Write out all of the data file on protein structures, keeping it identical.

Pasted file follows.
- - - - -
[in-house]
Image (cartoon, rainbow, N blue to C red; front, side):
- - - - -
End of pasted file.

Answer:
[in-house]
Image (cartoon, rainbow, N blue to C red; front, side):